The Sava River is under attack from two sides: the integrity of the upper and middle section is threatened by new hydro dam projects while the lower part is at risk of regulations due to plans for a navigational upgrade.
There are 29 existing hydropower dams in the upper part of the river basin. These dams cause significant downstream problems through disruption of sediment flow resulting in river bed incision as well as surface and groundwater level decrease. Due to the lack of sediment, the river bed has already eroded up to 6 m in Zagreb and drinking water supply for over one million residents is at stake.
Despite these facts, nineteen additional hydropower dams are projected along the Sava alone and almost all tributaries are subject to further development plans. According to a recently developed project named “Zagreb on Sava”, seven additional hydropower plants are to be built on the Sava between the Slovenian border and Sisak, along with a 34 km long bypass canal to divert flood waters around the Croatian capital.
The lower section of the Sava River is threatened by unrealistic inland waterway development projects which involve broad regulations of the still natural flow of the river in this section. An upgrade of the Sava navigation from class III to IV between Sisak and Slavonski Brod (2.5 m navigation depth) and from class IV to V between Slavonski Brod and Belgrade (2.5 m to 2.8m depth) is projected even though the river is barely used for commercial shipping (annual capacity: 400,000 tons) and alternative transport via the new highway and the railroad is available.
These navigation plans would lead to the complete deterioration of the Sava River: 106 new river training structures and 27 new embankments would have to be built in Croatia only, while 1.7 million m3 of sediment would have to be excavated in order to fix and deepen the navigation corridor. These constructions would destroy the meandering processes; river and floodplains would be further disconnected and old oak wood forests and oxbows along with its rare species, such as the Spoonbill colony in Krapje Đol (HR), would be sacrificed. Economic needs and benefits, as well as environmental and other costs of such projects have never been properly assessed. Nevertheless, these navigation projects are fully endorsed by the International Sava River Basin Commission and relevant water management lobbies.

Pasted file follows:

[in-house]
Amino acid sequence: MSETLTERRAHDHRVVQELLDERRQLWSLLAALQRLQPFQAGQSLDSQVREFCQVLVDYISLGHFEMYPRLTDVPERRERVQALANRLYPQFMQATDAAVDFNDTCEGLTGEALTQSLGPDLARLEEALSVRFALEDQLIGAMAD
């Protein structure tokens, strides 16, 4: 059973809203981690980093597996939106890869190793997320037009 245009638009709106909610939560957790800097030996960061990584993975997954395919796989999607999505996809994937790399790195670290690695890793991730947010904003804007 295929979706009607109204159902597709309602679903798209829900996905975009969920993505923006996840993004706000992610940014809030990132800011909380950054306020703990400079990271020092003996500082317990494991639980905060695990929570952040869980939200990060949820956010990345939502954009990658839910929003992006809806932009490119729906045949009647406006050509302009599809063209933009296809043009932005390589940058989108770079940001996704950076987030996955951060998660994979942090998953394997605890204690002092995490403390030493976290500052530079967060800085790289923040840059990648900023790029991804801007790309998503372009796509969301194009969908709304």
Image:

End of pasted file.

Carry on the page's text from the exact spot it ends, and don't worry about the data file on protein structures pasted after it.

- The unique flood protection system of the Sava River is threatened by dam and navigation projects
- Significant river bed erosion is already threatening the livelihoods of millions of inhabitants
- Further river degradation would increase the risk of floods in downstream communities, towns, and settlements
- Further impairments of the river’s flowability and the loss of spawning grounds due to constructions and regulations will put the population of the Huchen, which is protected by EU Habitat Directive, at risk
- Exceptional biological and cultural values of the Sava region are the backbone of sustainable development in the region
- No more hydro-power dams on the Sava River to be built, particularly in the lowland areas and NATURA 2000 sites.
- Renaturation measures for the Sava in Slovenia in order to stabilize and enhance the population of the Huchen in line with the EU Habitat Directive.
- The government of Slovenia to assure the urgent implementation of measures to mitigate downstream impacts of existing reservoirs, particularly concerning the sediment deficit and consequent river bed incision.
- No upgrading of the existing navigation class – adapting the vessel to the river, rather than the other way around.
- The EU not to finance projects that clearly violate respective EU directives.
- The importance of the Sava River for navigation to be reassessed by an independent expert group (including NGOs) and alternative transport systems such as railways, pipelines and roads to be taken into account. A sound cost/benefit analysis to identify the environmentally and economically best solution for the transport of goods along the Sava corridor.
- A large river restoration program for the entire still free-flowing main river section from Slovenia (Krsko) to Serbia (Belgrade) to be developed and implement